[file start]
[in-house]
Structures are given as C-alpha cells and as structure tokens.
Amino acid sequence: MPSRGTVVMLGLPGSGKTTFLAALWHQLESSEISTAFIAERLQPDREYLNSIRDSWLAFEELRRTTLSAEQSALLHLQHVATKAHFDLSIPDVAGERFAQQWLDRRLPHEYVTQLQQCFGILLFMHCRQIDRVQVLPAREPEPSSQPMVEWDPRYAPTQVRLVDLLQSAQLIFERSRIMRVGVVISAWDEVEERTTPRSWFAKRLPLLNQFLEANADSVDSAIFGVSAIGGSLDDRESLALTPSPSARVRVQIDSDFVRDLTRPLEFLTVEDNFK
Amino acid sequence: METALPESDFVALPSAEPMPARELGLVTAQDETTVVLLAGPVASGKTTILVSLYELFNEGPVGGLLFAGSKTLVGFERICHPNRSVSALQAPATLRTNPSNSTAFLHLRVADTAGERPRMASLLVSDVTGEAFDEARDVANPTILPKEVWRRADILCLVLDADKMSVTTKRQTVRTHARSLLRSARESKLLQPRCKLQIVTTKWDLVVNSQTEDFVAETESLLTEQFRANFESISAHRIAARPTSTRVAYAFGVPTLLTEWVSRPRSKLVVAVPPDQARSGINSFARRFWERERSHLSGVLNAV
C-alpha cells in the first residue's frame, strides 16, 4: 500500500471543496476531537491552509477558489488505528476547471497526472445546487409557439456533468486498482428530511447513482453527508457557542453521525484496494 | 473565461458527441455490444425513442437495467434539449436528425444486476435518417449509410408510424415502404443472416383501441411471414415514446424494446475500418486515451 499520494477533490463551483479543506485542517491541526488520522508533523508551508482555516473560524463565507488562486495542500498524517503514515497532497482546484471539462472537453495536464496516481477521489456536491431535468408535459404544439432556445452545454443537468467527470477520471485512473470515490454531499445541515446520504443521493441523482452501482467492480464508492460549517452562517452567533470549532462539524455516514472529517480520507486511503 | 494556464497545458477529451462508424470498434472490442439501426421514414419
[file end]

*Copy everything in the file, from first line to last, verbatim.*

[in-house]
Structures are given as C-alpha cells and as structure tokens.
Amino acid sequence: MPSRGTVVMLGLPGSGKTTFLAALWHQLESSEISTAFIAERLQPDREYLNSIRDSWLAFEELRRTTLSAEQSALLHLQHVATKAHFDLSIPDVAGERFAQQWLDRRLPHEYVTQLQQCFGILLFMHCRQIDRVQVLPAREPEPSSQPMVEWDPRYAPTQVRLVDLLQSAQLIFERSRIMRVGVVISAWDEVEERTTPRSWFAKRLPLLNQFLEANADSVDSAIFGVSAIGGSLDDRESLALTPSPSARVRVQIDSDFVRDLTRPLEFLTVEDNFK
Amino acid sequence: METALPESDFVALPSAEPMPARELGLVTAQDETTVVLLAGPVASGKTTILVSLYELFNEGPVGGLLFAGSKTLVGFERICHPNRSVSALQAPATLRTNPSNSTAFLHLRVADTAGERPRMASLLVSDVTGEAFDEARDVANPTILPKEVWRRADILCLVLDADKMSVTTKRQTVRTHARSLLRSARESKLLQPRCKLQIVTTKWDLVVNSQTEDFVAETESLLTEQFRANFESISAHRIAARPTSTRVAYAFGVPTLLTEWVSRPRSKLVVAVPPDQARSGINSFARRFWERERSHLSGVLNAV
C-alpha cells in the first residue's frame, strides 16, 4: 500500500471543496476531537491552509477558489488505528476547471497526472445546487409557439456533468486498482428530511447513482453527508457557542453521525484496494 | 473565461458527441455490444425513442437495467434539449436528425444486476435518417449509410408510424415502404443472416383501441411471414415514446424494446475500418486515451 499520494477533490463551483479543506485542517491541526488520522508533523508551508482555516473560524463565507488562486495542500498524517503514515497532497482546484471539462472537453495536464496516481477521489456536491431535468408535459404544439432556445452545454443537468467527470477520471485512473470515490454531499445541515446520504443521493441523482452501482467492480464508492460549517452562517452567533470549532462539524455516514472529517480520507486511503 | 494556464497545458477529451462508424470498434472490442439501426421514414419